25 AUGUST 1866, Page 17



SMALL thanks are due to the Viscountess Combermere and Captain Knollys for whatever satisfaction the reader may obtain from this book. In the first place it is, to say the least, twice as long as it need be. The compilers have crowded it with masses of trifling or irrelevant matter, part of which might be easily found elsewhere if any one cared to look for it, and part could never be worth print- ing at all. Why do we have all the official accounts of the capture of • Memoirs and Correspondence of Field-Marshal Viscount Combermere. By the Right Hon. ?dp.ry, Viscount.as Combermere, and Captain W. W. Knollys. Tyro vols. London: Hurst and Blacken. 1d(313. a Dutch squadron at the Cape in 1796, simply because the young Stapleton Cotton,.then on-his way to India, happened to witness the affair from the top of a neighbouring hill? Why, again, an account of the family of Don Carlos, because Lord Combermere came across some of them in Rome and elsewhere ? The style is singularly bad, obscure, pointless, and dull, with occasional ornaments which are worse than all dullness. 'When Lord Combermere loses his eldest son we are told that the capricious hand of death was already stretched out to pluck the fair young flower, and as the calamity occurred shortly after a great banquet, 46that the hospitable roof-tree, which a few brief moments before had been shaken by joyous laughter, now absorbed into its gloomy oaken timbers -the low wail of sorrow." When a cavalry charge is spoken of we read "that onward still swept the death- laden cloud, which at once enveloped and announced the approach of Cotton and his horsemen." And what does the reader make of this sentence, which is intended to praise the old soldier's good humour in enduring a rather rough cross-examination from Edwin James, and afterwards inviting his persecutor to Com- bermere. a His treatment of Edwin James, who had so shame- fully abused the questionable privilege of his profession to ques- tion his integrity as an opposing witness, was not only forgiven, but even justified by his generous victim ; and in many other instanced he displayed equal equanimity." Severer blame is due to the carelessness with which many personal notices 'of a painful kind have been transferred, as it would appear, from private diaries to the pages of this book. Everything must yield to the claims of historical truth, but it cannot be necessary to tell •the public that a young officer, whose only connection with Lord Combermere was that he had been a school-fellow at Westminster, killed himself by'drinking, and to give the wretched man's name and family in full. , To give instances would only aggravate the wrong, but we hope that, should an opportunity occur, the whole book will be slibjected to a careful revision. Of course there is nothing like an index, and no references are given, except gene- rally as supplementary despatches.' We were not so un- reasonable as to expect that in two ponderous volumes, made for sale rather than use, room should be found for anything so useful.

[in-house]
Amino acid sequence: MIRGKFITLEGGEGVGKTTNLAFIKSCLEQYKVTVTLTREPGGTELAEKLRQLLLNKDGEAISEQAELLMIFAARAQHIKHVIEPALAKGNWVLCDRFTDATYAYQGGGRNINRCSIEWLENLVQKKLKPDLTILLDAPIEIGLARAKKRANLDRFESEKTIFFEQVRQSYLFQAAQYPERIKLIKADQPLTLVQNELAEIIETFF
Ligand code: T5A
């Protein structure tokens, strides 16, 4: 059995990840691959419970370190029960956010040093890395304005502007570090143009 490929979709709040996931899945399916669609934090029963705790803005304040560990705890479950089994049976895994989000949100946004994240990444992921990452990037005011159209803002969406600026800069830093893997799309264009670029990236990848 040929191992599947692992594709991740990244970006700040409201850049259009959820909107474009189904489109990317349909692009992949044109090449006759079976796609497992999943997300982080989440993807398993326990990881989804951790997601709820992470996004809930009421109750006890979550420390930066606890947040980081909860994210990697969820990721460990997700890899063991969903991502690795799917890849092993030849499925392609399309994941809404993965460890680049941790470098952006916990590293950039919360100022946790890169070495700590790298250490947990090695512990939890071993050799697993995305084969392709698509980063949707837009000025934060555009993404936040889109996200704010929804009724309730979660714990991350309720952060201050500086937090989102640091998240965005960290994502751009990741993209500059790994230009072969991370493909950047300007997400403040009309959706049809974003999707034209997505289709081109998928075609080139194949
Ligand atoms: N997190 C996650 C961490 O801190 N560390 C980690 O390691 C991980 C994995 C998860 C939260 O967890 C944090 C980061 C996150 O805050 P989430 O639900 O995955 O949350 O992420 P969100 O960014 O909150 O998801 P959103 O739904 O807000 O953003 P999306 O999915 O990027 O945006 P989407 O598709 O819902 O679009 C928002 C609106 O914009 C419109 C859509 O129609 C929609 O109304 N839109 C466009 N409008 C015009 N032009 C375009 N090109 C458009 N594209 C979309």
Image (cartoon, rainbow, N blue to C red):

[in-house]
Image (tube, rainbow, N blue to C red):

We are the more impatient of these faults, because it is evident that if these materials had been put into the hands of some one who knew his business, -a capital book might have been made 'out of them. The life of Lord Combermere was unusually prolonged sand singularly varied. He-was a baby in arms when Dr. Johnson came to hislather's house, and he carried his gold stick for the last time nearly ninety years afterwards at• the marriage of the Prince of Wales. He was present-at most of the great battles that were fought during this period, and he served in the Courts of four English 'Sovereigns. If such a life is not made interesting, it certainly is not the fault of the subject.

Stapleton Cotton was one of the happiest results of -a military system which is now passing away. He owed to family connection and private favour (his aunt was the most intimate friend of Lady Chatham) a rapid promotion which brought him, while yet in the fullest vigour of life, to high command. At twenty-one he was Lieutenant-Colonel, at five-and-thirty he commanded the British cavalry in the Peninsula. At the capture of Bhurtpore, his last achievement, be was little more than fifty. But the favour which was doubtless exercised with as little discrimination in this as in other less fortunate instances, discovered merits which could not have been displayed so early under a system less capricious. The young officer never showed himself unequal to -the duties which were thrust upon him. A fine gentleman and a fop, yet acquainted with every detail of his profession, recklessly daring in his own person, yet chary to the utmost of the lives of his men, calm, clear-headed, even-tempered, and sagacious, he has been pro- nounced by competent critics to have been one of the best, if not the very best, of English cavalry officers. This branch of our army, magnificent as Me in quality, has.generally been too insignificant in numbers to play a very prominent part in our campaigns. In the Peninsula it was more than usually weak. Sir Stapleton Cotton, though he did good service in almost every movement of the army, had few opportunities of distinguishing himself. His great day was. Salamanca, when his brilliant charge, which _broke in succession two columns of French infantry, extorted from Lord Wellington, always sparing of praise, the enthusiastic exclamation, 4 qiy. God, Cotton, I never saw anything more beautiful in my life ! The day is yours." For these services he twice received the thanks of Parliament, and was created a Viscount.